Non-verbal tools: graphs, charts, tables, illustrations
Depending on the genre and the topic, there may be a need to make a point by presenting data or trends in a process. However, these non-verbal or not purely verbal solutions are not typical of the essay genre. Yet, for example, when talking about perceptual illusions, we can make the Müller-Lyer perceptual illusion more visible and understandable by write my paper placing an illustration of it, than if we try to explain to our readers verbally, by describing the position of the lines, the angles of the arrows, etc., what this illusion is.
Graphs can be used to show changes of state, trends of change, as a function of different variables (e.g. time). The graphs are often based on empirical measurements, the data from which, obtained using rigorous and reliable methods, both increase the verifiability and guarantee the scientific nature of our arguments.
Graphs are obviously different from illustrations, even if they are expressed in an abstract, conceptual form.
Reasoning: definitions, use of examples
Reasoning is correct if it is based on formally valid and true premises. Clarity is ensured if our cardinal definitions are explicitly and emphatically introduced, given in a clear form, and subsequently worked with rather than paraphrased. Linguistic solutions often hide formal validity, we must be alert to invalid transitions, and the study of informal logic can be of great help in identifying the latter. Putting the content into argumentative form will help us to organise the middle parts of the paper. Argument structures should be preserved in short versions as well as in more stylistic final wordings. Extensions and digressions enrich, broaden, or even focus the meaning of the premises through their explanations and contextualisation. A frequent request from the reader is for the author to illustrate more abstract formulations with concrete examples. The provision of these also increases the level of verifiability and credibility.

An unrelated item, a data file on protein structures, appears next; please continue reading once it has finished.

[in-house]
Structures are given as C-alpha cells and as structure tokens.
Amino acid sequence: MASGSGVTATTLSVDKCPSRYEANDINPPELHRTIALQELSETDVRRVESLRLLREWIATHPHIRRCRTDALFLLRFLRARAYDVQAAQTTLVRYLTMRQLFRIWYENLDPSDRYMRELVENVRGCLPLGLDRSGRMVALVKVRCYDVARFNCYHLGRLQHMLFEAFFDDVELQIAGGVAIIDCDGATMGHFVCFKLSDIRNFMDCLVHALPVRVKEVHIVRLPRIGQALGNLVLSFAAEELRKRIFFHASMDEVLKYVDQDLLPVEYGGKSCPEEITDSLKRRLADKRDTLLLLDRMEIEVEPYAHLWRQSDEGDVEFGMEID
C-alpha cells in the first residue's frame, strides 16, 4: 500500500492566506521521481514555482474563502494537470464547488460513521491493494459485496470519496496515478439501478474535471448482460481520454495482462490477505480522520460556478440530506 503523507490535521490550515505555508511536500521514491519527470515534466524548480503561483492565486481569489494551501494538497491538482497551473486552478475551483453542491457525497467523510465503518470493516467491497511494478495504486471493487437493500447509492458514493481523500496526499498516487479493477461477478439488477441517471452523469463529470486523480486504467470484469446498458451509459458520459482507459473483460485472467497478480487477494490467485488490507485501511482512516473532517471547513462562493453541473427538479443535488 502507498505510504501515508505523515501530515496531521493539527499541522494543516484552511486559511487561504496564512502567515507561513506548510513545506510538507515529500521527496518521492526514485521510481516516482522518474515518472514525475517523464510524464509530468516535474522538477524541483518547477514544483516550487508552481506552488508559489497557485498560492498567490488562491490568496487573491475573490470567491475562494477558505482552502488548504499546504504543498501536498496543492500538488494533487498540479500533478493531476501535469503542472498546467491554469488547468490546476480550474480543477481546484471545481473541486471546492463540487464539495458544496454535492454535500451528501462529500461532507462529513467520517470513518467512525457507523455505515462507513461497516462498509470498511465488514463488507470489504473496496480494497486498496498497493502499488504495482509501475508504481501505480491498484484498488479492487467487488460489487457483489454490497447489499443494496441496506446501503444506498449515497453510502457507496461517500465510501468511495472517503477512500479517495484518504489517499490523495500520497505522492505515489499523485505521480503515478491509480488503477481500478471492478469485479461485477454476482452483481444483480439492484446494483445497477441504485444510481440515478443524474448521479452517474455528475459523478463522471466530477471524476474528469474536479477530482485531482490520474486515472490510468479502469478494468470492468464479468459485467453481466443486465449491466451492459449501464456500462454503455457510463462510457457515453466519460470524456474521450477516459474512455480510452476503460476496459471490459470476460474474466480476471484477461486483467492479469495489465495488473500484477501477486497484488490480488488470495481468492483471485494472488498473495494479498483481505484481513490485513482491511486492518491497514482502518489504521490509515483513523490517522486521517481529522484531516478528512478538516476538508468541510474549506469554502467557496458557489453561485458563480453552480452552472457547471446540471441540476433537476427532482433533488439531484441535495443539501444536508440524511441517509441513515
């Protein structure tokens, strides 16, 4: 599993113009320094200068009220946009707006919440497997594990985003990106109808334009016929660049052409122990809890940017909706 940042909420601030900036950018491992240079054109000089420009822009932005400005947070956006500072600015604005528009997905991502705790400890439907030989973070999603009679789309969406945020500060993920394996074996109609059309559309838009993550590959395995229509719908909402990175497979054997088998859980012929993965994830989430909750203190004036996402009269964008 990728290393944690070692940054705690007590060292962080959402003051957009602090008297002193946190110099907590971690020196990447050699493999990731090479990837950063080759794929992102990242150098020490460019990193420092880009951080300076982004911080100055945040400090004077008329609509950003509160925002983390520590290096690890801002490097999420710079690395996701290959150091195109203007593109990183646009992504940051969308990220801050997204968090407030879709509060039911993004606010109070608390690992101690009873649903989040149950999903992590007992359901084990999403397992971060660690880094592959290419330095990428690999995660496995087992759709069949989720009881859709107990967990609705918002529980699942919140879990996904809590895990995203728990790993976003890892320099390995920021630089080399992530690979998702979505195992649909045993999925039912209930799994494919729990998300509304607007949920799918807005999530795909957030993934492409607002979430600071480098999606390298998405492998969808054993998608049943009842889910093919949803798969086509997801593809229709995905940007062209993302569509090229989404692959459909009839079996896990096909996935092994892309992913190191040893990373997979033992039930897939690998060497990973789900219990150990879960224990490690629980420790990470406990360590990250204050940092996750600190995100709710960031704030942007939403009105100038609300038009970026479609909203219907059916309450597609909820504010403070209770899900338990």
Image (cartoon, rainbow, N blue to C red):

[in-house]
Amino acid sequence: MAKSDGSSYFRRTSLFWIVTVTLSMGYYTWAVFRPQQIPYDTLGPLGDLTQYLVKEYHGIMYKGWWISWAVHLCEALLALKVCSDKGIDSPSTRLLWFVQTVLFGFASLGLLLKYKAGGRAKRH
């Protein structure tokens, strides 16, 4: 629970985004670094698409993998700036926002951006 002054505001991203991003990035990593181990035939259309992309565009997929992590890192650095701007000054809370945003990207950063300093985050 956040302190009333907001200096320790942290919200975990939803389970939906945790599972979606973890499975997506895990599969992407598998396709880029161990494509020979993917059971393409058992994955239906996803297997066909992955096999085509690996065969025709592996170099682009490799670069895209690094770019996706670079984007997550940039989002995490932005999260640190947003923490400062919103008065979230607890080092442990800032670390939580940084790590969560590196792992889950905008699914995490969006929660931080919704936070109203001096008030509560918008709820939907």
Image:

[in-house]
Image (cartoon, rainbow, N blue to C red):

In our continuous text, concepts introduced at some key points, phrases phrased as a qualification, definition or lesson are more important than others. In addition, we want the reader to return to these concepts and topic sentences later. We can visually facilitate this recall by including in our texts so-called highlighting text formats. Whether italicising, underlining or bolding, they can highlight the more important and emphasised elements of a simple text. However, an important rule is to use only one of the three for highlighting in running text. This is usually the italic letter. Underlining is usually reserved for subheadings, and bolding for chapter headings or just the title. It is also important to keep to the correct format when giving the bibliography. Foreign words and quotations in the current text are in italics.
An important rule is not to use too much emphasis, as then nothing is really highlighted. For the really key points, rely on the reader’s memory buy college essays, otherwise you will only dull it.
In running text, avoid changing fonts and sizes. In the case of longer tabulated quotations, use a slightly smaller font size than your running text.